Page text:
A cell transport mechanism called endocytosis may be flawed in people with amyotrophic lateral sclerosis, a study reports.
The flaw may contribute to the buildup of protein clumps in muscle-controlling motor nerve cells, a hallmark of ALS.
In a study published in the journal Nature Communications, a University of Arizona research team pinpointed mechanisms that not only offer insights into ALS processes, but may help researchers develop treatments targeting the processes.
Protein clumps, made up mostly of the protein TDP-43, are found in ALS motor nerve cells. But researchers are far from understanding how the aggregates kill nerve cells. Since TDP-43 normally plays important roles in the cell nucleus, the aggregates may be toxic because the protein is no longer performing these functions. But another possibility is that the aggregates themselves are toxic.
Earlier studies suggested that a process called autophagy may be involved in the aggregates’ toxicity. Autophagy is a method by which a cell can clear unwanted or old proteins. An impaired autophagy process would allow proteins to clump, researchers argued.
In the study, “Endocytosis regulates TDP-43 toxicity and turnover,” the team showed that there may be another process at work, too. Endocytosis is a method of transporting proteins and other factors out of cells.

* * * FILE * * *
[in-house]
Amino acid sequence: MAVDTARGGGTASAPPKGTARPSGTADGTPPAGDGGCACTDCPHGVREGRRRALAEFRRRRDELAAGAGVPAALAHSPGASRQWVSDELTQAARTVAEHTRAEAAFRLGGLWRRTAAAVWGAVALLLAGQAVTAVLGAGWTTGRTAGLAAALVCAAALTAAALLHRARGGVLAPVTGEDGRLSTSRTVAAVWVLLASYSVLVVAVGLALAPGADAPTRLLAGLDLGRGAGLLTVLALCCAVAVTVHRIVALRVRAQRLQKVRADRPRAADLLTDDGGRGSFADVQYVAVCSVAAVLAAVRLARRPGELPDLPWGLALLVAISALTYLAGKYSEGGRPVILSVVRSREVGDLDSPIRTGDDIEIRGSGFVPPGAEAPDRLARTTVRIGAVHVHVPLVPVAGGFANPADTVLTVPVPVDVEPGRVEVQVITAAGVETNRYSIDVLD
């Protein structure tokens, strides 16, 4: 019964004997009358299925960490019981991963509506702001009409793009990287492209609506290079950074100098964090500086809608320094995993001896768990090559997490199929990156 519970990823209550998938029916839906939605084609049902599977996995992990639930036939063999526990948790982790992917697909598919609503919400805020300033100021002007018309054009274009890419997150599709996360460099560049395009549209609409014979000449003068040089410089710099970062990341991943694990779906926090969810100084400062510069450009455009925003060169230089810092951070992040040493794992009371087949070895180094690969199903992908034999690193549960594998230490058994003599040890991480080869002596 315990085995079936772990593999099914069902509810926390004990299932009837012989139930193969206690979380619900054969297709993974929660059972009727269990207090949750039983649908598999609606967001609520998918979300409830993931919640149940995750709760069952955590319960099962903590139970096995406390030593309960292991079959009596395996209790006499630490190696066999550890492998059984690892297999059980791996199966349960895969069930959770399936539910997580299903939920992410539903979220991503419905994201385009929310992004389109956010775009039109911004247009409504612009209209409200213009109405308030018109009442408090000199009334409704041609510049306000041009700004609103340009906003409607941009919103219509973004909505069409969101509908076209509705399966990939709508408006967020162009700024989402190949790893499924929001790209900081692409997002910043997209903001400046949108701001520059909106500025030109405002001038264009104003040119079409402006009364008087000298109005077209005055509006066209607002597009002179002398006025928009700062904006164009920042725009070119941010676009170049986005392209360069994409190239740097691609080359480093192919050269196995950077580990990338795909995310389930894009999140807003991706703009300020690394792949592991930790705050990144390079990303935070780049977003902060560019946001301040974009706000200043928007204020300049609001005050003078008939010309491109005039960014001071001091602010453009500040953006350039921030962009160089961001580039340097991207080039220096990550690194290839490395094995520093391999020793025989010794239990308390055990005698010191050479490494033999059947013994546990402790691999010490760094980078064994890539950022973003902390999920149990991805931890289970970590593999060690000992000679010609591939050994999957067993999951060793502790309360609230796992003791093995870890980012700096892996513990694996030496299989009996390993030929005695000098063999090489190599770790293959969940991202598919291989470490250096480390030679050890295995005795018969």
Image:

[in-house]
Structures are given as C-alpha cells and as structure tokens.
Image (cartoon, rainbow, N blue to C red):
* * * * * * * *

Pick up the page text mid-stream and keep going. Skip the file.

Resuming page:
The team discovered that TDP-43 aggregates prevented endocytosis in yeast cells. When researchers boosted endocytosis processes, TDP-43 clumping was reduced, with less toxicity as a result.
They obtained the same results when exploring the links in human cells. Moreover, they could see that TDP-43 proteins were found in the same spots as factors involved in endocytosis — further strengthening the link.
They also looked at what blocking or boosting endocytosis would do to TDP43 levels. More endocytosis — that is, transport of factors out of the cell — reduced the levels. Loss of the transport increased levels of the disease-related protein.
Another experiment was examining the effect of endocytosis in a fruit fly model of ALS. Despite their difference from humans, fruit flies are good models for studying molecular processes involved in human disease. The flies were genetically designed to produce faulty TDP-43, leading to protein aggregation and motor nerve cell disease.
Boosting endocytosis slowed neurodegeneration and improved movement in fly larvae. All these effects were independent of autophagy, researchers said.
This suggested that both processes may be at work in ALS, contributing to the toxicity of protein aggregates.
Learning more about these mechanisms will increase the likelihood of finding an effective treatment for the disease, researchers argued.